Under the hood, the RTX 2070 Super inherits the RTX 2080’s heatsink design, with a large aluminum heatsink running the full length of the card. Deeper still, the heatsink is connected to the TU104 GPU with a vapor chamber, to help move heat away from the GPU more efficiently. Overall the RTX 2070 Super has the same 215W TDP as the RTX 2080, so it behaves virtually identically to the latter card. Which is to say that it has no problem keeping its cool.

Since this card is needed for further testing I haven’t shucked the card down to its PCB, but according to NVIDIA the power delivery system is also identical to the RTX 2080. In this respective NVIDIA’s reference designs are solid, and while they won’t be enough for hardcore overclockers, it’s more than sufficient for the kind of overclocking that can be done with the reference cooler. Of particular note, the maximum power target for the card is +20%, which means it can have its TDP increased to 258W. Accordingly, the card is fed by the same 6pin + 8pin power system as on the RTX 2080, more than guaranteeing the card can be fed up to its power target limit.

Finally, for display I/O, the card gets the continuing NVIDIA high-end standard of 3x DisplayPort 1.4, 1x HDMI 2.0b, and 1x VirtualLink port (DP video + USB data + 30W USB power).

GeForce RTX 2060 Super

Shifting gears, for building the RTX 2060 Super NVIDIA has gone the opposite direction, using the RTX 2060 reference design as the base. The 2060 itself wasn’t all that different from the 2080 – and the same holds for its Super variant – but there are a few notable distinctions from the newly minted RTX 2070 Super.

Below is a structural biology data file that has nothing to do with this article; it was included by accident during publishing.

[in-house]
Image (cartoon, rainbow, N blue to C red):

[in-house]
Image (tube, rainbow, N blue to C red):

In terms of overall design, the RTX 2060 Super Founders Edition card retains the same design aesthetic – reflective bits and all – but it comes in a smaller package. Overall the card is just 9 inches long, which is 1.5 inches shorter than the RTX 2070 Super. The cooling system has also been simplified a bit – mostly forgoing the vapor chamber – though it still retains the card’s full-body heatsink and dual fan open air cooler.

With a 175W TDP, the card relies on a single 8pin PCIe power connection at the rear of the card for the extra power it needs. Overclockers meanwhile will be able to pump up the power target by 22%, allowing the card’s TDP to be raised to a maximum of 213W.

Outside of its smaller stature, the other big departure for the RTX 2060 Super from its more powerful sibling is in the display I/O configuration. As with the regular RTX 2060, the Super card drops the 3rd DisplayPort for a DL-DVI-D port, giving the card a final tally of 2x DisplayPort 1.4, 1x HDMI 2.0b, 1x DL-DVI-D, and a sole VirtualLink port.

The GeForce RTX 2070 Super & RTX 2060 Super Review The 2019 GPU Benchmark Suite & The Test
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  • GreenReaper - Tuesday, July 2, 2019 - link